Mark as read

Planned maintenance: 15 – 17 December

Due to planned maintenance, the services below will be unavailable from 20:00 on Friday 15 December until 23:59 (UK time) on Sunday 17 December:

  • UCAS Undergraduate Apply and Track
  • UCAS Conservatoires Apply and Track
  • UCAS Teacher Training Apply, Track, and the search tool
  • UCAS Postgraduate Apply
During this time, you won’t be able to work on your application, sign in to Track, or use the UCAS Teacher Training search tool.
Mark as read

Customer Experience Centre availability – 13 December

Our Customer Experience Centre will close at 15:45 (UK time) on Wednesday 13 December for staff training. It will open again, as usual, at 08:30 (UK time) on Thursday 14 December.

How to write a UCAS Undergraduate personal statement

The personal statement is an important part of the UCAS application. It's your chance to describe your ambitions, skills, and experience.
Relevant to
Not sure how to start your personal statement?
Our video contains advice from an admissions tutor about how to plan, start, structure and end your personal statement.
View more videos
Signed personal statement video
This signed video takes you through what to consider when writing your personal statement.
View more videos

Our personal statement tool

You can write up to 4,000 characters of text that show you’d make a great student – so it might take a few redrafts until you’re happy with it.

This tool will help you think about what to include in your personal statement, and how to structure it. It also counts how many characters you’ve used, so it’s easy to see when you’re close to that 4,000 character limit.

Write your personal statement now


  • Course descriptions mention the qualities, skills and experience it’s useful to have for each subject – take note of these to help you decide what to write about.
  • Remember it’s the same personal statement for all the courses you apply to, so avoid mentioning unis and colleges by name. Most students choose similar subjects, but if you’ve chosen a variety, just write about common themes – like problem solving or creativity.
  • If you've got a question about writing your personal statement, don't worry you're not alone. Check out our blogs:

What to write about

  1. Why you are applying – your ambitions and what interests you about the subject, course providers and higher education.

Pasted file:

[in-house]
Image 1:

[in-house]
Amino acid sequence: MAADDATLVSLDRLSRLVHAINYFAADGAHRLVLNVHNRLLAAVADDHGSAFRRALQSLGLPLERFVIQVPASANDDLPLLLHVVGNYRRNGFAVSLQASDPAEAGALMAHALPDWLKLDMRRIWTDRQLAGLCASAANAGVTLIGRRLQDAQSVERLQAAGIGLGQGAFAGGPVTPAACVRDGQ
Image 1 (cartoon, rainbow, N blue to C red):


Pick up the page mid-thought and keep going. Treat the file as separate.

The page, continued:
2. What makes you suitable – any relevant skills, experience or achievements gained from education, work or other activities.

How to write it

Feel free to use our personal statement mind map and personal statement worksheet for planning your personal statement.

There’s no definite formula to follow – just take your time and follow these guidelines.
  • Structure your info to reflect the skills and qualities the universities and colleges value most.
  • Write in an enthusiastic, concise and natural style – nothing too complex.
  • Try to stand out, but be careful with humour, quotes or anything unusual – just in case the admissions tutor doesn’t have the same sense of humour as you.
  • Proofread aloud and get your teachers, advisers, and family to check – then redraft until you’re happy with it and the grammar, spelling, and punctuation are correct.
We recommend you write your personal statement first, and then copy and paste it into your online application when you’re done.

Check the 4,000 character and 47 line limits though – some word processors get different values if they don’t count tabs and paragraph spacing as individual characters.

When you do add it to your application, save it regularly as it times out after 35 minutes of inactivity.

Applying for Teacher Education in Scotland?

If you're applying to study Teacher Education in Scotland, you'll need to make your application through the UCAS Undergraduate scheme. Read dedicated  personal statement advice from Scottish training providers about what to include in your personal statement.